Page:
Updated: Mar 17
The previous article discussed how the liver sends nutrients into general circulation throughout the body for various purposes, such as energy production, building the body's components, storage, and excretion. In this article, we will focus on how energy is produced and transferred within the body.
Energy is not created or destroyed but rather transformed or moved according to the laws of thermodynamics. Instead of making energy, our bodies convert the energy stored within our food by breaking down the chemical bonds that hold its molecules together. This process is called energy transfer and is used to form ATP, which is the body's "energy currency" required for nearly every action in the body. We can get ATP from recently absorbed nutrients or stored nutrients, such as triglycerides and glycogen. These raw materials are stored in one form and used in another, often different from the form in which they were consumed. For instance, a meal containing beans and avocado guacamole gets broken down into glucose, amino acids, short-chain fatty acids, and triglycerides that no longer resemble their original forms. Think of ATP as a tiny battery that powers everything in your body. It's made up of a molecule called adenosine and three phosphate molecules. When the bonds between these molecules are broken, energy is released. However, our bodies only store a small amount of ATP, so we need to constantly regenerate it to keep our energy levels up. This is where energy transfer comes in. Our body can create ATP in different ways, depending on what nutrients are available, how fast we need the energy, and whether there's enough oxygen around. There are three main processes that help create ATP: 1- the ATP-PCr system 2- the glycolytic pathway 3- the oxidative phosphorylative pathway. So, even though ATP is a tiny molecule, it plays a huge role in keeping us energized! The ATP-PCr system is the quickest way for our bodies to produce ATP, the energy currency of our cells. It stands for Adenosine Triphosphate - Phosphocreatine system and is used for short bursts of high-intensity exercises, such as sprinting or weightlifting.
The ATP-PCr system works by breaking down phosphocreatine (PCr) in the muscles to create ATP. The PCr molecule donates a phosphate group to ADP (Adenosine Diphosphate), which creates ATP. This process is extremely fast and doesn't require oxygen, which makes it ideal for intense, anaerobic exercise.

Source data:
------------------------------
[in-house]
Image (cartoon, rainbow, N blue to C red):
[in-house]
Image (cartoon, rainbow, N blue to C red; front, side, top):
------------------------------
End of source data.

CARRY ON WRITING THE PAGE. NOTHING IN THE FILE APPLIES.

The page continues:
However, there's a catch: our body's stores of PCr are limited, and they can only supply energy for about 10 seconds of maximal effort. After that, our body has to turn to other energy systems to keep going.
The ATP-PCr system is important for athletes who rely on short, intense bursts of energy, such as sprinters, jumpers, and weightlifters. By training their bodies to improve their ATP-PCr system, these athletes can improve their explosive power and speed.
To improve the ATP-PCr system, athletes can do exercises that involve short, intense bursts of energy, such as sprinting or jumping. They can also use supplements like creatine, which can increase the amount of PCr stored in the muscles and improve ATP production.
In conclusion, the ATP-PCr system is a crucial energy system for short, intense bursts of exercise. While its energy supply is limited, athletes can improve their performance in these types of activities by training their bodies to use this system more efficiently. The glycolytic pathway is another process through which our body can produce ATP, particularly in situations where we need a quick burst of energy. This pathway breaks down glucose, a type of sugar, to produce ATP.
The glycolytic pathway can be divided into two phases: the energy investment phase and the energy payoff phase. In the energy investment phase, two molecules of ATP are used to activate glucose, which is then split into two smaller molecules called pyruvate. In the energy payoff phase, four molecules of ATP are produced by breaking down pyruvate.
The glycolytic pathway is particularly important for high-intensity activities that last between 30 seconds to two minutes, such as sprinting or weightlifting. During these activities, the demand for energy is high and the body can quickly produce ATP through the glycolytic pathway.